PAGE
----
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Let’s hope this never happens to you: You have a few free minutes so you decide to go online to check your brokerage account information. Your account balance is much lower than you expect – and you know that, at least for today, neither the market nor any of your securities fell in value. Instead, you see several wire transfers of money from your account to an outside checking account. But, you never authorized those transactions – an identity thief did. Now, that thief has stolen your cash and your personal information.
Today, most investors enjoy some of the conveniences of an online brokerage account, including checking brokerage account information 24/7, buying and selling securities, and transferring money between different brokerage accounts. But if investors don’t take steps to protect their personal information when going online, they could unintentionally set themselves up to become victims of identity theft.
Many identity thieves use malicious software programs to attack vulnerable computers of online users. These software programs can monitor computer activity and send information back to the thief’s computer. Sometimes, these programs will log your key strokes, which allows identity thieves to easily obtain username and password information for any online accounts, including your brokerage account.
Other identity thieves “phish” for personal information on investors. “Phishing” involves using fraudulent emails and copy-cat Websites to trick people into revealing valuable personal information such as account numbers, Social Security Numbers, and username and password information of accounts.
How to Protect Yourself Online
It’s important to take measures to protect yourself against identity thieves when using your online brokerage account. The Securities and Exchange Commission (SEC) offers the following suggestions on ways to keep personal information and money more secure when online:
Beef Up Your Security. Personal firewalls and security software packages (with anti-virus, anti-spam, and spyware detection features) are a must-have for anyone who engages in online financial transactions. Make sure your computer has the latest security patches, and make sure that you access your online brokerage account only on a secure web page using encryption. The Web site address of a secure Web site connection starts with “https” instead of just “http” and has a key or closed padlock in the status bar (which typically appears in the lower right-hand corner of your screen).
Use a Security Token (if available). Using a security token can make it even harder for an identity thief to access your online brokerage account. That’s because these small number-generating devices offer a second layer of security – a one-time pass-code that typically changes every 30 or 60 seconds. These unpredictable pass-codes can frustrate identity thieves. While fraudsters can use keystroke logging programs to obtain regular username and password information, they can’t use these programs to obtain the security token pass-code. Ask your brokerage firm if you can protect your online account with a security token or similar security device.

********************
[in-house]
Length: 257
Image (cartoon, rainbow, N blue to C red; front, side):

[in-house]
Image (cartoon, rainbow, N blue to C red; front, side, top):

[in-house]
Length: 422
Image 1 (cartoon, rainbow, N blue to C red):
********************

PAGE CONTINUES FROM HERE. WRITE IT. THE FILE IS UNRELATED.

Be Careful What You Download. When you download a program or file from an unknown source, you risk loading malicious software programs on your computer. Fraudsters often hide these programs within seemingly benign applications. The best advice: Think twice before clicking on a pop-up advertisement or downloading a “free” game or gadget.
Use Your Own Computer. It’s generally safer to access your online brokerage account from your own computer than from other computers. If you use a computer other than your own, for example, you won’t know if it contains viruses or spyware. If you do use another computer, be sure to delete all of the your “Temporary Internet Files” and clear all of your “History” after you log off your account.
Don’t Respond to Emails Requesting Personal Information. Legitimate entities will not ask you to provide or verify sensitive information through a non-secure means, such as email. If you have reason to believe that your financial institution actually does need personal information from you, pick up the phone and call the company yourself – using the number in your rolodex, not the one the email provides.
Be Smart About Passwords. The best passwords are difficult to guess. Try using a password that consists of a combination of numbers, letters (both upper case and lower case), punctuation, and special characters. You should change your password regularly and use a different password for each of your accounts. Don’t share your password with others and never reply to phishing emails with your password or other sensitive information. You also shouldn’t store your password on your computer. If you need to write down your password, store it in a secure, private place.
Use Extra Caution with Wireless Connections. Wireless networks may not provide as much security as wired Internet connections. In fact, many “hotspots” – wireless networks in public areas like airports, hotels and restaurants – reduce their security so it’s easier for individuals to access and use these wireless networks. Unless you use a security token, you may decide that accessing your online brokerage account through a wireless connection isn’t worth the security risk.
Log Out Completely. Closing or minimizing your browser or typing in a new web address when you’re done using your online account may not be enough to prevent others from gaining access to your account information. Instead, click on the “log out” button to terminate your online session. In addition, you shouldn’t permit your browser to “remember” your username and password information. If this browser feature is active, anyone using your computer will have access to your brokerage account information.